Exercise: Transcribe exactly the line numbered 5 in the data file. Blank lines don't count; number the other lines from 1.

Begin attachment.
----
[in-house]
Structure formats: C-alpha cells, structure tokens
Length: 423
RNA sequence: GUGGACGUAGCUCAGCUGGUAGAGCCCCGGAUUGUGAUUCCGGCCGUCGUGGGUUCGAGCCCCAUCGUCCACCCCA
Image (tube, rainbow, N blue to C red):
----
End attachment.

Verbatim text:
Image (tube, rainbow, N blue to C red):